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SS7G12a,b The student will analyze the diverse cultures of the people who live in Southern and Eastern Asia.

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Presentation on theme: "SS7G12a,b The student will analyze the diverse cultures of the people who live in Southern and Eastern Asia."— Presentation transcript:

1 SS7G12a,b The student will analyze the diverse cultures of the people who live in Southern and Eastern Asia.

2 a. Explain the differences between an ethnic group and a religious group. An ethnic group shares cultural ideas and beliefs that have been a part of their community for generations. May include: language, religion, history, types of foods, a set of traditional stories, beliefs, or celebrations.

3 a. Explain the differences between an ethnic group and a religious group. An religious group shares a belief system in a god or gods, with a specific set of rituals and literature. People from different ethnic groups may share the same religion, though they may be from different cultures.

4 b. Compare and contrast the prominent religions in Southern and Eastern Asia: Buddhism, Hinduism, Islam, Shintoism, and the philosophy of Confucianism. One of the oldest religions in the world. Main religion of India Third largest religion in the world behind Christianity and Islam Developed in India (much of it came from the religion practiced by the Aryans, a group who invaded from the north around 1500B.C.) Hinduism

5 b. Compare and contrast the prominent religions in Southern and Eastern Asia: Buddhism, Hinduism, Islam, Shintoism, and the philosophy of Confucianism. Worship of Aryan priests followed complicated rituals and hymns known as the Vedas of The Books of Knowledge. These prayers and rituals as well as other Aryan beliefs led to the development of Hinduism. Polytheistic (poly means many) All of the gods are part of a supreme spirit named Brahman. Hinduism

6 b. Compare and contrast the prominent religions in Southern and Eastern Asia: Buddhism, Hinduism, Islam, Shintoism, and the philosophy of Confucianism. Believe all living things (animals as well as men) have souls. Some animals, like the cow, are sacred. Many Hindus are vegetarians ( eat no meat) All believe in reincarnation (the soul does not die with the body, but enters the body of another being, either a person or an animal.) Type of life a person led determines what the next life will be like. Hinduism

7 b. Compare and contrast the prominent religions in Southern and Eastern Asia: Buddhism, Hinduism, Islam, Shintoism, and the philosophy of Confucianism. A good person will have a better life. An evil person will suffer in his next life. A soul is reincarnated over and over again until the life it leads is good enough to bring it to be united with Brahman. Karma is an important part of Hinduism. Karma = belief that one’s actions determine one’s fate. Hinduism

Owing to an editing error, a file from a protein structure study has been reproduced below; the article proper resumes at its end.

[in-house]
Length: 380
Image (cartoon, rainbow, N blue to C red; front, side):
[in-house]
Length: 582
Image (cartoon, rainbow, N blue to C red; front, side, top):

8 b. Compare and contrast the prominent religions in Southern and Eastern Asia: Buddhism, Hinduism, Islam, Shintoism, and the philosophy of Confucianism. Hindus believe in a caste system (a belief that social class is inherited and doesn’t change throughout one’s life) The only way to change one’s caste is to be born into another one in the next life. Indian social structure is very complicated as there are several castes with divisions in each one. Hinduism

9 b. Compare and contrast the prominent religions in Southern and Eastern Asia: Buddhism, Hinduism, Islam, Shintoism, and the philosophy of Confucianism. Four Main castes: 1. priests and wise men, or Brahmans 2. warriors and rulers (Kshtriyas) 3. merchants, traders, and small farmers (Vaisyas) 4. Sudras or peasants and field workers A 5 th caste is even lower- the untouchables or pariahs, who do work no one else would do Hinduism

10 b. Compare and contrast the prominent religions in Southern and Eastern Asia: Buddhism, Hinduism, Islam, Shintoism, and the philosophy of Confucianism. Traditional families would not let their children marry someone from a different caste. Many jobs in India are still awarded on caste connections. The government is working to make caste divisions less important but change is slow. Hinduism

11 b. Compare and contrast the prominent religions in Southern and Eastern Asia: Buddhism, Hinduism, Islam, Shintoism, and the philosophy of Confucianism. Also began in India- 6% of world’s population- 4 th largest religion- largest number of followers are in Southern and Eastern Asia founded by Siddhartha Gautama, a rich young man, about 500 B.C. Had a life of luxury, but was troubled by the poverty and suffering around him Left his family, became a wandering monk hoping to learn why people had to suffer Buddhism

12 b. Compare and contrast the prominent religions in Southern and Eastern Asia: Buddhism, Hinduism, Islam, Shintoism, and the philosophy of Confucianism. Quit wandering to sit, think, and meditate about the unhappiness of man Thought he knew what needed to be done Believed people could find peace if they rejected greed and desire Accepted Hindu belief in reincarnation and karma, but rejected the caste system and the need for priests. Buddhism

13 b. Compare and contrast the prominent religions in Southern and Eastern Asia: Buddhism, Hinduism, Islam, Shintoism, and the philosophy of Confucianism. He was “Buddha” or “The Enlightened One” to his followers. He taught there were Four Noble Truths 1. Life always brings pain 2. This suffering and sorrow is usually caused by greed and the desire for material things. Buddhism

14 b. Compare and contrast the prominent religions in Southern and Eastern Asia: Buddhism, Hinduism, Islam, Shintoism, and the philosophy of Confucianism. 3. By giving up greedy desires, a person could end the suffering and reach Nirvana, a state of perfect peace 4. To achieve Nirvana a person needed to follow The Middle Way The Middle Way was accomplished by following what Buddha called the Eightfold Path (8 rules for conduct) Buddhism

15 b. Compare and contrast the prominent religions in Southern and Eastern Asia: Buddhism, Hinduism, Islam, Shintoism, and the philosophy of Confucianism. 1. try to recognize the truth 2. try to avoid evil actions and bad people 3. do not say things that hurt others 4. respect other people and their belongings 5. choose a job that does no harm to others 6. do not think evil thoughts 7. avoid excitement or anger 8. work at meditation, thinking carefully about what matters in life Buddhism